Differences Between A Leader and Manager – Essay

According to Armstrong (p8), ” Management is concerned with achieving results by effectively obtaining, deploying, utilizing and controlling all the resources required, namely people, money, information, facilities, plant and equipment. Leadership focuses on the most important resource, people. It is the process of developing and communicating a vision for the future, motivating people and gaining their commitment and engagement.” These definitions state that there are several differences between leading and managing people in business. Management stirs thoughts like planning, organizing, directing and controlling while leadership is quite a different story. When individuals think of leadership they are more prone to think about qualities like innovation, motivation and support. Organizations use communications, the selection and training of employees, and controlling of processes to conduct their day to day activities. Leaders and managers have different views in each of these categories that relate directly to their follower’s job satisfaction, individual empowerment, and level of trust. Employees of managers tend to do what they have been assigned because they fear reprimand or punishment, while followers of leaders tend to accomplish goals because they want to and to obtain higher personal satisfaction. This is one of the major differences between leaders and managers.

Managers and leaders alike utilize two categories of communications which include written and oral. Both managers and leaders use both types of communication in various different methods that include telephone conversations, memos, letters, and email. Managers and leaders need to give directions and explain processes to their workers. They also need to reward and praise their followers. Making presentations to groups of people and conducting meetings are also ways in which managers and leaders must communicate their messages. However, the most important aspect of communication is being able to listen. Being a good listener is vital for both managers and leaders. Supervisors and workers expect their managers and leaders to listen to their recommendations and complaints. Both managers and leaders not only need to listen to their subordinates but they also must follow through with what they hear. Without being able to listen well to their staff the manager or leader would not be a good communicator. While writing reports, letters, memos, policies and procedures the manager or leaders needs the skills necessary to accomplish these tasks in a way that is easily understood and interpreted. Their writing must be clear and concise with good grammar and composition. Communicating goals to employees is one area that shows tremendous differences between leaders and managers. While both need to accomplish goals and get tasks completed, leaders tend to listen more to their subordinates, while managers direct their employees without much feedback. Managers have a position of authority vested in them by the company, and their subordinates work for them and largely do as they are told. This management style is transactional, in that the manager tells the subordinate what to do, and the subordinate does it because they receive their salary for doing so. Managers tend to take a more directive and controlling approach, while leaders communicate to inspire and motivate individuals to drive the individual to success. This is accomplished through the level of assertiveness the manager or leader utilizes with the worker or follower. The level of assertiveness that managers and leaders utilize with their followers often differs also. Having the correct level of assertiveness with subordinates separates some managers from leaders. This skill is one that is hard to teach to new managers and great leaders seem to possess this quality naturally.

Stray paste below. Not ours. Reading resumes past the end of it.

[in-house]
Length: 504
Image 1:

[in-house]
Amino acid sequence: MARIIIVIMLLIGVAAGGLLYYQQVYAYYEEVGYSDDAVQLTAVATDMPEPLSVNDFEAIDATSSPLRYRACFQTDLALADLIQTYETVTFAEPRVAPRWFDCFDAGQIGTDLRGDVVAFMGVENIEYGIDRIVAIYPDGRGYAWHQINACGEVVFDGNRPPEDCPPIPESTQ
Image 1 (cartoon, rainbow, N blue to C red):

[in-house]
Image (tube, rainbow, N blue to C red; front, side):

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The selection and training of employees is another area that managers differ from leaders. While the selection process of most organizations is step by step process training of staff members can take various forms. Mangers take a more direct and formal approach to training their subordinates and want their employees trained so they can have the skills to complete tasks in a timely manner. Leaders lean to a more informal approach to training that focuses more on stress management, creativity, personal effectiveness, and problem solving. Leaders take on mentor roles and coach subordinates or followers to be successful, while managers mainly want the task completed on time. According to Thorne (p32) coaching creates “rapport; it is set in the right environment; it is part of an ongoing relationship; it focuses on the individual; it shares mutual respect and the opportunity to learn from each other; it is the application of higher-level skills and competencies; and actions are agreed and followed up on”.